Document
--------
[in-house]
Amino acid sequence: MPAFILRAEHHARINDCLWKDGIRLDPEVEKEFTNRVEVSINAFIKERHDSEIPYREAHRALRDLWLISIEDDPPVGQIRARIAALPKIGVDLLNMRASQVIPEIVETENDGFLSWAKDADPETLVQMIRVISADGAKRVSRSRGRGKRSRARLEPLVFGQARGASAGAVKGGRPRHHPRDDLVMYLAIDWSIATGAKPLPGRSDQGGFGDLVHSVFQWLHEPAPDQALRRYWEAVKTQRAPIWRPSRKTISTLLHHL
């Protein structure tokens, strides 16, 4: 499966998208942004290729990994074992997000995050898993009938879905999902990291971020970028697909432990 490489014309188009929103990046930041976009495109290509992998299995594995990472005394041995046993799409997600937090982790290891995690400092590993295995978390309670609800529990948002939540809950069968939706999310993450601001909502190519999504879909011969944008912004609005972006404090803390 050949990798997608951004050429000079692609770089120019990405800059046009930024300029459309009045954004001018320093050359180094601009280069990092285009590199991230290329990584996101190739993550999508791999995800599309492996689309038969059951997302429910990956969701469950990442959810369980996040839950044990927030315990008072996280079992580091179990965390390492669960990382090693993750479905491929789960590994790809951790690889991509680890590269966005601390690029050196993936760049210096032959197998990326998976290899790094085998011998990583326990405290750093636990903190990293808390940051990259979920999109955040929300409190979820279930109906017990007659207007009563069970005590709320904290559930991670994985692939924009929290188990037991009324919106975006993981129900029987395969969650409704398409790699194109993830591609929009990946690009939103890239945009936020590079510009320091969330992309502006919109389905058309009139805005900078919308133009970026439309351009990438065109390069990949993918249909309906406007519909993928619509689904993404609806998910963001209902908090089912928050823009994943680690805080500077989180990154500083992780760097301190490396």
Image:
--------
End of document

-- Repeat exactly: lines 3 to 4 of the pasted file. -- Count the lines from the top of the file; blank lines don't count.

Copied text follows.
């Protein structure tokens, strides 16, 4: 499966998208942004290729990994074992997000995050898993009938879905999902990291971020970028697909432990 490489014309188009929103990046930041976009495109290509992998299995594995990472005394041995046993799409997600937090982790290891995690400092590993295995978390309670609800529990948002939540809950069968939706999310993450601001909502190519999504879909011969944008912004609005972006404090803390 050949990798997608951004050429000079692609770089120019990405800059046009930024300029459309009045954004001018320093050359180094601009280069990092285009590199991230290329990584996101190739993550999508791999995800599309492996689309038969059951997302429910990956969701469950990442959810369980996040839950044990927030315990008072996280079992580091179990965390390492669960990382090693993750479905491929789960590994790809951790690889991509680890590269966005601390690029050196993936760049210096032959197998990326998976290899790094085998011998990583326990405290750093636990903190990293808390940051990259979920999109955040929300409190979820279930109906017990007659207007009563069970005590709320904290559930991670994985692939924009929290188990037991009324919106975006993981129900029987395969969650409704398409790699194109993830591609929009990946690009939103890239945009936020590079510009320091969330992309502006919109389905058309009139805005900078919308133009970026439309351009990438065109390069990949993918249909309906406007519909993928619509689904993404609806998910963001209902908090089912928050823009994943680690805080500077989180990154500083992780760097301190490396």
Image: